The Doubs River is approximately 270 mi. (435 km) long, rising in the Jura Mountains of eastern France, and flowing northeast, forming part of the French-Swiss border, then looping into western Switzerland before turning back into France where it meanders southwest to empty into the Saône River. Lake of Brenets, a natural widening in the river, is a tourist center; at the northern end of the lake the river drops 88 ft. (27 m). The Doubs is heavily canalized and passes through several industrial cities including Montbéliard and Besançon.

Source: Columbia Encyclopedia, Paul Lagasse, Lora Goldman, Archie Hobson (Editors).

The Dordogne River

"France may one day exist no more, but the Dordogne will live on just as dreams live on and nourish the souls of men."
— Henry Miller, author, during the dark days following the outbreak of World War II

The Dordogne River derives its source from the puys — the highest points at the heart of the Massif Central, a formation consisting of granite and crystalline rocks produced by volcanoes. As it winds its way through the department of Dordogne, the river's waters feed some of France's richest agricultural lands around Périgord to its north. On its southern side, the limestone causse is not so lush but there are treasures of a different kind: underground chasms and grottoes, and some of the finest medieval religious architecture in France. The many castles and bastides (fortified towns) are relics of the bitter fighting throughout the Middle Ages.

Source: The National Geographic Traveler - France, Rosemary Bailey (Editor).

Eure River, painting by Robert Schaar
Eure River
by Robert Schaar
24x36 Fine Art Poster

The Eure, Loir and Cher Rivers

It is the Eure and Loir Rivers which lend their names to the department of Eure-et-Loir (28) on the Beauce plateau of the Centre region. The Eure flows northward through Eure-et-Loir's capital, Chartres — reknowned for its High Gothic cathedral. Although Louis XIV requested that Vauban and La Hire build an aqueduct to transport water from the Eure River to the fountains of Versailles, it was never completed; the remains of a 3-story aqueduct may be seen straddling the grounds of the Château de Maintenon.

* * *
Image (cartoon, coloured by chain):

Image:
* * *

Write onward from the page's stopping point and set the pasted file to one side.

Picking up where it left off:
The Loir (lwär) is approximately 193 mi. (310 km) long, flowing southward through Châteaudun in Eure-et-Loir, then through the towns of Vendôme and Montoire-sur-le-Loir in the northwestern portion of the department of Loir-et-Cher (41), and generally SW through a fertile agricultural region to join the Sarthe River north of Angers in the department of Maine-et-Loire (49) in the Pays de la Loire region.

Loir-et-Cher is so named because it is also home to the river Cher, which is navigable and flows through Mennetou-sur-Cher and Montrichard in the south. Approximately 200 mi. (320 km) long, and flowing generally NW across central France, the Cher joins the Loire below Tours in Indre-et-Loire (37). The Berry Canal parallels part of the river.

Sources:,, and the Columbia Encyclopedia, Paul Lagasse, Lora Goldman, Archie Hobson (Editors).

Next page >> Garonne, Isère, Loire, Marne & Meuse Rivers, and the Marne-Rhin Canal